Kazan Russia History
Kazan is located in southwest Russia and is a city with a thousand years of history, located at the crossroads of Europe and Asia. Russian Empire and regained its position as the capital of the Far East and as an important trading centre.
After the collapse of the Soviet Union, Kazan was reestablished as a republic and became the capital of the Tatar Autonomous Republic of Russia, the largest of its kind in the world. The republic regained the Soviet cultural heritage in which it was repressed in the 1990s and 2000s, cementing it in Russia as a "Tatar cultural nucleus."
In 1922 Kazan became the capital of the autonomous republic, which had a rocky road in the Soviet era.
The city competed to become Russia's third capital after Moscow and St. Petersburg, trying to position itself as the Russia of the past and Russia of the present. Kazan and Kazan were declared the "third capital of Russia" after Moscow and St Petersburg. Both cities competed for the title of Russia's "Third Capital," with the city competing with Moscow / St. Petersburg for its status as "Russia's Second Capital," and both adopted the globalized taste for careful urban planning.
In 1991, the Republic of Tatarstan was founded, with Kazan considered an autonomous Soviet state. In 1992, after the collapse of the Soviet Union, this region was renamed the Republic of Tataristan and was one of the few Russian regions to elect its own president.
Kazan's independence aspirations, however, were thwarted by Minin, a merchant from Nizhny Novgorod who had defended Russia against Poland in the early 17th century. Vasily III's last war with Kazan came after he had been insulted by the Russian ambassador in Kazen and a new war broke out between Russian and Kazanism. He remains one of the most important military commanders of Russia and the founder of the Republic of Tatarstan.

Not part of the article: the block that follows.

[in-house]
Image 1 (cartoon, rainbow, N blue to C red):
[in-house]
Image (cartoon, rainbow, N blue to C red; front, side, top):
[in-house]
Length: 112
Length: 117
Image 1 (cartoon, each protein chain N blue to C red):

In the spring of 1445, the Kazan Tatars even captured Grand Duke Vasily II of Moscow, and the Russians were forced to pay a large ransom to their Grand Duke and sign a treaty that benefited the Kazan Khanate. In 1545 Ivan annexed the khanates of Astrakhan, which were located further south and east, forming the entire Volga (Russian river) and giving Moscow control over most of its territory in the north - east and south - in the west. In the early 1530s Kazen was founded as the capital of a new state of Tatarstan under the leadership of Sahgali, but this was completely controlled by Moscow, which made him unpopular in Kazan and led to his removal in 1521 by a nobleman who had formed an alliance with Mehmed I, a Turkmen nobleman with a history of hostility to Russia. The occupation of this city by the troops of Ivan The terrible thing was finally stopped in 1552 by his son-in-law, Mikhail the Great.
The former relations that the Russians had established with the Golden Horde were protected by the Kazan Tatars and passed on to the Kazans of the Khanate and their people, as well as to Russia.
Even the Kremlin, in the heart of Kazan, is mainly considered the seat of the government of the Soviet republic.
This enabled the Tatar government to regain its power and respect in Moscow by winning the support of ordinary Tatars. The Kremlin in Kazan has been a piece of Russian architecture since 2005, when the new Kul Sharif mosque was completed. The Qol Sarif Mosque was built on the site of the first Kremlin building in the former Soviet Union and was the first mosque to open in Russia after the collapse of the Soviet Union. In 2008, Kazanis celebrated their millennium by inaugurating Russia's largest mosque, the Qolsharif, in the Kremlin and returning to the city a sacred copy of the Mother of God from Kaz.
Kazan's fascinating history dates back to the Middle Ages, when Ivan the Terrible declared war on what is now the Tatarstan region, where Kazan is the capital. In the years 1437 - 1438 it was conquered by the deposed khans of the Golden Horde, who founded the Kazen-Khanate Kaz as their capital. The historic citadel is surrounded by two mosques, the Qolsharif Mosque and the Kul Sharif Mosque, both located in the city centre.
Kazan became the capital of the powerful Kazan khanate after being destroyed by the Golden Horde in 1438 and became so during its collapse in the late 14th and early 15th centuries. Kazen Khanate Kaz became a city of Tatarstan, a part of Russia, from 1437 - 1440, at the end of the reign of Ivan the Terrible, until the collapse of his empire in 1521. During the collapse of the Golden Horde, Kazan became the capital of the Kaza khanate from 1523 to 1526 and then for a short time as a city-state.